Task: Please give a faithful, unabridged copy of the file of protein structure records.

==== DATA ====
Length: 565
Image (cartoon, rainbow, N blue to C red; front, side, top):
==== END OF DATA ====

Length: 565
Image (cartoon, rainbow, N blue to C red; front, side, top):